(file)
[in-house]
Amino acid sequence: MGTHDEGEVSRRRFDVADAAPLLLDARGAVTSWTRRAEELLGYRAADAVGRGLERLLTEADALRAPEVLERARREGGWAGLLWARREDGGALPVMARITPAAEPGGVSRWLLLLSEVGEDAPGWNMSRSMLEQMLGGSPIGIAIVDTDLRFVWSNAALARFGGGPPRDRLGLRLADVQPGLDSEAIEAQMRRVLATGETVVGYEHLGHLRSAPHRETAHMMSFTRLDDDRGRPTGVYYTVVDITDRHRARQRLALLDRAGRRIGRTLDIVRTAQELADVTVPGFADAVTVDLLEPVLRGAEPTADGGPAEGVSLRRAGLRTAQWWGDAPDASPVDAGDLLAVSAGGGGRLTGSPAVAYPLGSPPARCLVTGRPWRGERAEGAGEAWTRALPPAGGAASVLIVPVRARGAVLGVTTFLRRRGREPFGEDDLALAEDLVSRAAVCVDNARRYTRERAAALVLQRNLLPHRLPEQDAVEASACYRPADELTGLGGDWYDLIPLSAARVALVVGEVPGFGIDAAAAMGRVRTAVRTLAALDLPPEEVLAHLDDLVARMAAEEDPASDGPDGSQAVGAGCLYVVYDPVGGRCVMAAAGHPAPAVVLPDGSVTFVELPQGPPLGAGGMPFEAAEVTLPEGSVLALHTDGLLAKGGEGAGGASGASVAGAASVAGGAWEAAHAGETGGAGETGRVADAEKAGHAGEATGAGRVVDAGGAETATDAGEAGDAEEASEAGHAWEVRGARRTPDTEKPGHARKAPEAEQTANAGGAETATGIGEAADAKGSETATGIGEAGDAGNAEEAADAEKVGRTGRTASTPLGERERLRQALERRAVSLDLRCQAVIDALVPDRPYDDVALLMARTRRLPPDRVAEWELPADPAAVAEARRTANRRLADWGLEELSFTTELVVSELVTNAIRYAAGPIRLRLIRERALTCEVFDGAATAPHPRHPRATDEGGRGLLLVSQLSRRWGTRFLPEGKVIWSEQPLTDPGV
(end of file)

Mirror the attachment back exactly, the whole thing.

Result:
[in-house]
Amino acid sequence: MGTHDEGEVSRRRFDVADAAPLLLDARGAVTSWTRRAEELLGYRAADAVGRGLERLLTEADALRAPEVLERARREGGWAGLLWARREDGGALPVMARITPAAEPGGVSRWLLLLSEVGEDAPGWNMSRSMLEQMLGGSPIGIAIVDTDLRFVWSNAALARFGGGPPRDRLGLRLADVQPGLDSEAIEAQMRRVLATGETVVGYEHLGHLRSAPHRETAHMMSFTRLDDDRGRPTGVYYTVVDITDRHRARQRLALLDRAGRRIGRTLDIVRTAQELADVTVPGFADAVTVDLLEPVLRGAEPTADGGPAEGVSLRRAGLRTAQWWGDAPDASPVDAGDLLAVSAGGGGRLTGSPAVAYPLGSPPARCLVTGRPWRGERAEGAGEAWTRALPPAGGAASVLIVPVRARGAVLGVTTFLRRRGREPFGEDDLALAEDLVSRAAVCVDNARRYTRERAAALVLQRNLLPHRLPEQDAVEASACYRPADELTGLGGDWYDLIPLSAARVALVVGEVPGFGIDAAAAMGRVRTAVRTLAALDLPPEEVLAHLDDLVARMAAEEDPASDGPDGSQAVGAGCLYVVYDPVGGRCVMAAAGHPAPAVVLPDGSVTFVELPQGPPLGAGGMPFEAAEVTLPEGSVLALHTDGLLAKGGEGAGGASGASVAGAASVAGGAWEAAHAGETGGAGETGRVADAEKAGHAGEATGAGRVVDAGGAETATDAGEAGDAEEASEAGHAWEVRGARRTPDTEKPGHARKAPEAEQTANAGGAETATGIGEAADAKGSETATGIGEAGDAGNAEEAADAEKVGRTGRTASTPLGERERLRQALERRAVSLDLRCQAVIDALVPDRPYDDVALLMARTRRLPPDRVAEWELPADPAAVAEARRTANRRLADWGLEELSFTTELVVSELVTNAIRYAAGPIRLRLIRERALTCEVFDGAATAPHPRHPRATDEGGRGLLLVSQLSRRWGTRFLPEGKVIWSEQPLTDPGV